Chinese government violently cracking down on religion - human rights group

Activists in Bangladesh have protested the detainment of Muslims in China.
Activists in Bangladesh have protested the detainment of Muslims in China. Photo credit: Getty

The Chinese government is trying to stamp out religion in a violent countrywide crackdown, according to a human rights group.

Officials are accused of burning bibles, closing churches and forcing Christians to sign documents renouncing their faith. It's also alleged that millions of Muslims have been forced into 'brainwashing camps', where they are made to eat pork and drink alcohol.

Human Rights Watch (HRW) says Chinese President Xi Jinping is waging an aggressive war on religious freedom.

"The Chinese government has long treated any organised religious groups with disdain and hostility," HRW China director Sophie Richardson told The Daily Mail.

"It doesn't matter if it is Christianity, Islam or Buddhism, it considers them as a vehicle and mechanism to carry out political disloyalty and separatism."

China, which has 38 million Protestants and is expected to be the world's largest Christian population in a few decades, requires its religious citizens to worship only in government-registered congregations. Many belong to underground churches that defy official restrictions.

Pastor Bob Fu from US-based non-profit China Aid says several churches have been closed in Beijing and Henan province in recent weeks, in what he calls a "significant escalation" against Christianity.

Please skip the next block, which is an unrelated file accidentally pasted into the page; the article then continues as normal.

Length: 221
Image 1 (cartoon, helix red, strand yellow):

"The international community should be alarmed and outraged for this blatant violation of freedom of religion and belief," he told The Daily Mail.

He posted videos to Twitter showing piles of burning bibles, as well as official forms in which signatories announce their renunciation of the Christian faith.

An anonymous pastor from Nanyang, Henan province, says crosses and bibles were burned by officials in a raid on his church on September 5.

He told The Daily Mail that local authorities had demanded his church be "reformed", but that no official agreement that been reached. A Nanyang city official has denied his claims, saying the local authorities respected religious freedom.

In a report released on Monday (local time), HRW claimed 13 million Muslims in the Xinjiang province have been subjected to political indoctrination and punishment for their faith. It says Chinese Muslims have had their communications and movement restricted and have been placed under mass surveillance, which violates international human rights laws.

The Daily Mail reports that approximately 1 million members of Muslim minority groups have been detained in camps in northwest China, where they have to denounce Islam and profess loyalty to the Communist Party.

In May, two former detainees told The Washington Post that prisoners were forced to consume pork and alcohol, both forbidden under Islam.

One detainee said the Chinese government wants to "exterminate" Muslim ways of life.

"They are planning a country that's homogenous," the HRW quoted him as saying. "Everyone has to be Chinese."

United Nations human rights experts have told China to immediately release the people detained in the alleged camps, the existence of which the Chinese government has denied.


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